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Never forgotten: Gold Star Mothers of Cochise County host memorial groundbreaking in Veterans’ Memorial Cemetery

May 4 2019

Emily Ellis | Herald/Review

SIERRA VISTA — After nearly a year of planning and passive fundraising, the Gold Star Mothers of Cochise County broke ground on what will soon be the site of a memorial honoring the families of those whose loved ones died in service to their country.

The groundbreaking ceremony, which also served as the official kickoff of the organization’s fundraising efforts, was attended by community members from throughout the area, who gathered under clear skies on Saturday morning to watch the Gold Star Mothers and other supportive local veterans organizations take the first steps towards building what will be a 14–foot long black granite structure, featuring the outline of a saluting soldier.

Sheron Jones was one of the Gold Star parents who took up a shovel during the ceremony.

Jones, whose son Darrel Kasson died in 2007 in Iraq, said that it was “hard to explain” the significance that such memorials had for families left behind.

“It means a lot to all of us for these kinds of things to go up,” said Jones, who is president of the Tucson chapter of the Gold Star Mothers. Tucson dedicated a memorial statue honoring Gold Star Families in March, after years of effort on Jones’ part.

“People seem to forget us,” she said. “Same thing in Tucson, they seem to forget, and we don’t want anyone to forget what we’ve been through for this country.”

In some cases, decades had passed since a child died. One of the mothers in attendance, Sara Piotrowski of Tucson, lost her son John Delozier in Vietnam, in 1967.

“It’s very emotional,” said Piotrowski of the memorial being erected. “I think it’s wonderful.”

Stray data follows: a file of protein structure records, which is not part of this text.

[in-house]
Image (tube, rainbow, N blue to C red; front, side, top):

Experiencing Gold Star

After the groundbreaking, Heather Hocker, founder and president of the Gold Star Mothers of Cochise County, spoke about her own experiences as a Gold Star parent.

Hocker’s son, Joel, was killed in Mississippi while in service to the U.S. Army in September 2011.

“I read a statistic that said when anyone dies, 144 people are affected,” said Hocker. “For every service member that falls, 144 people are left behind to mourn ... We started this project to honor all those families that are left behind to mourn.”

Hocker concluded her speech by reciting a Civil War-era poem, “Who Will Care for Mother Now?” spoken through the point of view of a dying soldier.

“Now I know who will care for Mother now,” she said, gesturing to the multiple veterans groups gathered at the cemetery. “It is all the people who are standing here, helping to raise the funds to place this memorial.”

Through passive fundraising efforts, the Gold Star Mothers have raised around a quarter of their $65,000 goal.

They hope to raise the rest and have the monument, which will be built by local contractor Rutherford Diversified Industries, fully in place by the fall.

"Not eligible"

McKim, who said that he was “not eligible” to be a Gold Star Family member despite having relatives who served in every war since the American Revolution, said that supporting the effort was a way for “veterans to serve veterans.”

Supporters of the memorial project hope that it will be a way to let grieving families know they are not forgotten, Hocker said.

Those who have lost a loved one often feel ostracized, she continued, because “no one wants to talk about death.”

“That’s why it’s so important to have this memorial,” she said. “Because it gives the families, those in the darkness, those who can’t come out, it gives them a place to go, and to know they were not forgotten.”

To donate, visit https://squareup.com/store/GSMCC. Those who donate $100 or more will receive a “challenge coin,” and donors who give $1,000 or more will have their name placed on a permanent plaque near the monument.

Checks can be mailed to the Gold Star Mothers of Cochise County, 1838 Paseo San Luis, Suite 41, Sierra Vista, AZ 85635.

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